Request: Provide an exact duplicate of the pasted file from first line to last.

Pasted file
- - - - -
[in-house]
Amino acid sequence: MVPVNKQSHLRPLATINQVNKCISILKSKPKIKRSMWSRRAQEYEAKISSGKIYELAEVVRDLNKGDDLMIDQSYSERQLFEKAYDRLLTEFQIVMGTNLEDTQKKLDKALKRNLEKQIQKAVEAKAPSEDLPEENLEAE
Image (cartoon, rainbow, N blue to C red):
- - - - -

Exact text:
[in-house]
Amino acid sequence: MVPVNKQSHLRPLATINQVNKCISILKSKPKIKRSMWSRRAQEYEAKISSGKIYELAEVVRDLNKGDDLMIDQSYSERQLFEKAYDRLLTEFQIVMGTNLEDTQKKLDKALKRNLEKQIQKAVEAKAPSEDLPEENLEAE
Image (cartoon, rainbow, N blue to C red):